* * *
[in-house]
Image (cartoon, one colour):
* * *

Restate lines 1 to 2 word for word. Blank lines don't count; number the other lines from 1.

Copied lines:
[in-house]
Image (cartoon, one colour):